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Stronger Sisterhood: Representing Intersectional Identity, curated by Paige Moreau - 3D virtual exhibition by Unbound Visual Arts

Stronger Sisterhood: Representing Intersectional Identity, curated by Paige Moreau

Fri, 01/29/2021 to Wed, 03/31/2021

curated by:

NOTE: The catalogue to the left includes all of the art. To view the all artist statements and biographies visit https://www.unboundvisualarts.org/stronger-sisterhood-catalogue

Stronger Sisterhood:
Representing Intersectional Identity

“As long as women are using class or race power to dominate other women, feminist sisterhood cannot be fully realized” -bell hooks

"Stronger Sisterhood: Representing Intersectional Identity," is a virtual exhibition in a virtual gallery that explores the multidimensional and intersectional identities of women.
The history of feminism has often been described in “waves”. The first wave is defined by the fight for women’s suffrage from the late 19th to early 20th century. The second wave, in the mid 20th century, focused on gender equality in the workplace, the home, and in civil liberties. Both of these movements, while making great strides for women, failed to address deeper compounded layers of oppression and marginalization faced by many women. First and second wave feminism were largely white middle class women’s movements and were often exclusionary of women of color, the LGBTQ+ community, working class women, women with disabilities and so on. The movements kept a narrow scope by focusing on a one dimensional vision of what it means to be a woman assuming common experiences and levels of marginalization based on gender identity. In reality, oppressions experienced by way of gender do not exist in a vacuum but instead intersect with multiple facets of identity.

In 1989, lawyer, civil rights activist, and critical race theorist, Kimberlė Crenshaw coined the term “intersectionality” to describe how gender, race, class, and other individual characteristics intersect and augment oppressions. At present, the recognition of intersectionality’s importance in women’s rights has grown into a third wave of feminism that strives to recognize all the forms of oppression that female identifying people face.

Art created by a diverse range of female identifying artists is a key into visualizing and representing intersectional experiences. “Stronger Sisterhood: Representing Intersectional Identity” showcases that women’s experiences are not one but many, and only through diversity in representation can we begin to grasp a three dimensional view of all women. How do our experiences as women differ due to other facets of our identity? How are we made stronger by recognizing and honoring these differences? How has the recognition of intersectional feminism grown and where is there more work to be done?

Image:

The 1st and 2nd Wave: The Fundamentals

The metaphor of the wave when thinking about the history of feminism has its pitfalls. It can be reductive, instigate intergenerational disagreement and even suggest that women's rights fall in and out of fashion. However, as a historical construct, it has shaped the way we think about the timeline of women's rights and had a deep cultural impact that shows through even into contemporary art. This first grouping of artwork taps into ideas that have been stereotypically considered pertinent to first and second wave feminism. While first and second wave feminism are largely considered unique movements at separate moments in history their basic principles of recognizing inequalities between the sexes and fighting for that equality create a link.

The 3rd Wave: A Tide Shift

Where first and second wave feminism can be nudged into neat time frames third wave feminism is harder to pin to a confined set of dates. However, a sizable shift occurred in the early 1990s originating from thinkers, such as Kimberlé Crenshaw and Judith Butler, that redirected focus under the large umbrella of feminism toward women's intersectional identities. Crenshaw described how different forms of oppression intersect and Butler argued that gender and sex exist separate from one another and that gender is not innate but a learned set of performative characteristics. These strides in our understanding of identity changed the "tide" of feminism to be more inclusive and consider how race, gender identity, sexual orientation, disability status and inform oppression and change the fight for equality.

Today: Women in 2020

2020 was a collective year of reckoning politically, socially and economically and women were often disproportionately impacted, losing more jobs than men, facing heightened inequality at home through unpaid care, and making up 77% of the healthcare workforce. Although women have faced the worst of the pandemic, racial injustices, and income inequality and they have manage to affect enormous change in the past year. Tremendous strides have been made by women, especially women of color, in the form of championing the Black Lives Matter movement, registering record numbers of black voters in Georgia, and rising to the Vice Presidency of the United States. Artists turned to their crafts to make sense of the tumultuous year. Here, artists chose to explore what it means to be a woman in a global pandemic, how a woman's right to choose is still being called into question and how tapping into an over-the-top femininity can be both comforting and empowering.

--Paige Moreau, Exhibition Curator

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